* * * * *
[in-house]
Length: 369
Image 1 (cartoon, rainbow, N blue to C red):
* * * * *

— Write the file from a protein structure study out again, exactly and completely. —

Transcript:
[in-house]
Length: 369
Image 1 (cartoon, rainbow, N blue to C red):